Levi is pretty sick of starring in Dad’s stupid TV show, Kid Kablam. Because Levi is the kid who gets KABLAMMED! So far he’s been knocked down, blown up, and attacked by wild animals. And Dad has one more scene planned – the most dangerous stunt so far. Can Levi survive this final stunt without seriously stacking it?
With action-packed writing and hilarious illustrations by Max Rambaldi, this is the perfect book to engage reluctant and voracious readers aged 9+.
Where did Stunt Kid come from?
When I was young, there used to be these things called “DVDs” – they looked a bit like doughnuts, but flatter, shinier, and a lot less tasty. You could use them to watch movies (on a device called a “DVD player”) and nearly all of them included special features. You could watch bloopers – scenes that hadn’t worked because someone made a mistake while filming. Sometimes Owen Wilson accidentally farted in the bathtub, sometimes Edward Norton got hit by a bus (I’m not kidding). You could also watch scenes which had been cut for some other reason (often it was too boring, or it made the twist too obvious, or it contradicted something else in the movie). There was usually a “making of” featurette, a short movie about how the movie-makers made the movie. And there would be commentary tracks, where the cast and crew would talk over the top of the film, telling you funny stories about things that went wrong while they were making it. (“I didn’t hit him that hard,” I remember Milla Jovovich insisting. “And the axe was just plastic!”)
I loved all this stuff. Even after I abandoned the idea of becoming a filmmaker (I decided I liked books better) I was fascinated by all these crazy people who made these ridiculous movies. I especially liked the stories from the days before CGI, when all the stunts had to be done with wires and mattresses and fire suits.
Later, I was trying to come up with a new dangerous situation to put a kid in. (I spend most of my career doing this.) When it occurred to me that the kid’s Dad might be filming a ridiculous TV show – and he might want his reluctant son to do all the dangerous stunts for real – I could immediately see the potential for excitement and laughter.
Is Levi based on you?
Levi is more quiet and cautious than I ever was. He’s a bit like my own son. Come to think of it, I’m more like Levi’s crazy, reckless dad. Hmm – I’m realising things about myself during this Q&A that I’m not sure I like.
Most of the characters are purely invented, but some of the details are inspired by real events. For example, retired stuntman Joe Dangerfield talks about bungee jumping off a bridge and blacking out halfway down – film buffs will remember happening to stuntman Wayne Michaels during his famous dive in Goldeneye (1995). They might also recognise Dangerfield’s car from Bullitt (1968) and Deathproof (2007). Also, not to bring up Milla Jovovich again, but when she was asked why she had punched the producer in the eye during his cameo as a zombie, she said, “Fake punches look fake.” Levi’s dad says several variations on this, including, “Fake explosions look fake, kiddo.”
Did you do the illustrations?
Nope! Max Rambaldi did. Doing my own illustrations would be no fun at all. Firstly because they wouldn’t be good, and secondly because having a book illustrated by someone else allows me to see what all the characters and the action look like in someone else’s head – a bit like having the book made into a movie. I love Max’s pictures. All her drawings of the police sniffer horse made me laugh out loud.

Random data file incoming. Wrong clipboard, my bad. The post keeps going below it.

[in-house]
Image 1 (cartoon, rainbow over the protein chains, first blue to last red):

Can we see one?
Why did you decide to write a comedy?
Give me a minute. I’m still chuckling about that horse.
Ah. What was the question again?
Why did you decide to write a comedy?
Well, firstly my publisher asked me to. I agreed because I like laughing, and I like making people laugh. I’ve always tried to include funny bits in all my books, including the thrillers. Good books always have lots of contrast – sad bits right next to scary bits, romance next to horror, and so on. (There are action scenes in Stunt Kid, too.)
Having said that, comedy is the hardest genre to write. Partly this is because it’s so subjective – what makes you laugh may not work on someone else. (It might even offend them.) And it’s hard to test the jokes, because it’s a book, not a stand-up routine. You can’t just hover there watching your readers to see if they laugh, because you’ll freak them out, and you can’t tell which bit they’re up to anyway. Also, each joke only works once. So you’ll laugh a lot while writing the first draft, but when you’re editing, it’s hard to tell what’s funny and what isn’t, because you’ve heard all these jokes before. So you put more jokes in, which is great… until you edit the next draft. And so on.
Will you write any more comedies?
I already have! My next one is called Kid President Totally Rules, and it’s about a kid who accidentally becomes president. If you want to know when the book comes out, you can subscribe to my newsletter – it’s pretty funny, too. Here’s the kind of thing I’ll send you.
Isn’t that just like Funny Kid for President, by Matt Stanton?
No. It’s completely different. Please don’t tell Matt Stanton about Kid President Totally Rules.
Will there be a movie of Stunt Kid Seriously Stacks It?
Oh man, that would be meta! If there is, I hope the stunt director is more sensible than Levi’s dad.